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Misoprostol in the treatment of chronic refractory constipation: results of a long-term open label trial.
Aliment Pharmacol Ther 1997; 11(6):1059-66AP

Abstract

BACKGROUND

Misoprostol is known to be effective in stimulating intestinal transit both in healthy individuals and in patients with chronic constipation when evaluated in short-term trials. The aim of this study was to determine the utility of misoprostol in the long-term management of patients with chronic refractory constipation.

METHODS

Eighteen patients were offered misoprostol (600-2400 microg/day) as adjunctive therapy in an open-ended, non-blinded trial. All patients were encouraged to continue the drug for a minimum of 4 weeks, after which time the effect on bowel movement patterns was evaluated and continued use of misoprostol was offered to those patients who demonstrated a clinical benefit.

RESULTS

Six patients withdrew prior to 4 weeks because of side-effects. In the 12 patients who continued the treatment and were evaluated at 4 weeks, the mean interval between bowel movement frequency had decreased from a baseline of 11.25 to 4.8 days (P = 0.0004). Eight patients continued the long-term treatment, with sustained response seen in six. In a subset of patients (n = 4) the effect of single-dose misoprostol (400 microg) was evaluated compared to healthy controls (n = 5) on post-prandial segmental colonic motility. Misoprostol augmented the colonic motility response to a meal throughout the colon, and this was significantly greater in the left versus right colonic segments (P < 0.05).

CONCLUSIONS

Misoprostol can be effective as part of the long-term medical treatment of patients with chronic refractory constipation, but side-effects are observed at higher doses and can be a limiting factor. Part of misoprostol's action may be mediated through the augmentation of colonic motility, particularly of the left colon.

Authors+Show Affiliations

Division of Gastroenterology, University of Virginia Health Sciences Center, Charlottesville, USA.No affiliation info availableNo affiliation info availableNo affiliation info available

Pub Type(s)

Clinical Trial
Controlled Clinical Trial
Journal Article
Research Support, Non-U.S. Gov't
Research Support, U.S. Gov't, P.H.S.

Language

eng

PubMed ID

9663830

Citation

Roarty, T P., et al. "Misoprostol in the Treatment of Chronic Refractory Constipation: Results of a Long-term Open Label Trial." Alimentary Pharmacology & Therapeutics, vol. 11, no. 6, 1997, pp. 1059-66.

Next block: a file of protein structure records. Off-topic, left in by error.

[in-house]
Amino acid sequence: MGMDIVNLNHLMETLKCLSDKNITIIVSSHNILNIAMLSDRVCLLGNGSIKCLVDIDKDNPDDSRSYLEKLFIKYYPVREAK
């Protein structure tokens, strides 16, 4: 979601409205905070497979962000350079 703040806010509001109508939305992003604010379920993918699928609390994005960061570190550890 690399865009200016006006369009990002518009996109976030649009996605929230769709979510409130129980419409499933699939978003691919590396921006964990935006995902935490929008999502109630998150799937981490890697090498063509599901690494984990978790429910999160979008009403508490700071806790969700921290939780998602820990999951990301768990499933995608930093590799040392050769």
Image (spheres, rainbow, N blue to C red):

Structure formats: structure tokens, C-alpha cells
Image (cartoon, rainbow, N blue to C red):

Roarty TP, Weber F, Soykan I, et al. Misoprostol in the treatment of chronic refractory constipation: results of a long-term open label trial. Aliment Pharmacol Ther. 1997;11(6):1059-66.
Roarty, T. P., Weber, F., Soykan, I., & McCallum, R. W. (1997). Misoprostol in the treatment of chronic refractory constipation: results of a long-term open label trial. Alimentary Pharmacology & Therapeutics, 11(6), pp. 1059-66.
Roarty TP, et al. Misoprostol in the Treatment of Chronic Refractory Constipation: Results of a Long-term Open Label Trial. Aliment Pharmacol Ther. 1997;11(6):1059-66. PubMed PMID: 9663830.
* Article titles in AMA citation format should be in sentence-case
TY - JOUR T1 - Misoprostol in the treatment of chronic refractory constipation: results of a long-term open label trial. AU - Roarty,T P, AU - Weber,F, AU - Soykan,I, AU - McCallum,R W, PY - 1998/7/15/pubmed PY - 1998/7/15/medline PY - 1998/7/15/entrez SP - 1059 EP - 66 JF - Alimentary pharmacology & therapeutics JO - Aliment. Pharmacol. Ther. VL - 11 IS - 6 N2 - BACKGROUND: Misoprostol is known to be effective in stimulating intestinal transit both in healthy individuals and in patients with chronic constipation when evaluated in short-term trials. The aim of this study was to determine the utility of misoprostol in the long-term management of patients with chronic refractory constipation. METHODS: Eighteen patients were offered misoprostol (600-2400 microg/day) as adjunctive therapy in an open-ended, non-blinded trial. All patients were encouraged to continue the drug for a minimum of 4 weeks, after which time the effect on bowel movement patterns was evaluated and continued use of misoprostol was offered to those patients who demonstrated a clinical benefit. RESULTS: Six patients withdrew prior to 4 weeks because of side-effects. In the 12 patients who continued the treatment and were evaluated at 4 weeks, the mean interval between bowel movement frequency had decreased from a baseline of 11.25 to 4.8 days (P = 0.0004). Eight patients continued the long-term treatment, with sustained response seen in six. In a subset of patients (n = 4) the effect of single-dose misoprostol (400 microg) was evaluated compared to healthy controls (n = 5) on post-prandial segmental colonic motility. Misoprostol augmented the colonic motility response to a meal throughout the colon, and this was significantly greater in the left versus right colonic segments (P < 0.05). CONCLUSIONS: Misoprostol can be effective as part of the long-term medical treatment of patients with chronic refractory constipation, but side-effects are observed at higher doses and can be a limiting factor. Part of misoprostol's action may be mediated through the augmentation of colonic motility, particularly of the left colon. SN - 0269-2813 UR - https://www.unboundmedicine.com/medline/citation/9663830/full_citation L2 - https://onlinelibrary.wiley.com/resolve/openurl?genre=article&amp;sid=nlm:pubmed&amp;issn=0269-2813&amp;date=1997&amp;volume=11&amp;issue=6&amp;spage=1059 DB - PRIME DP - Unbound Medicine ER -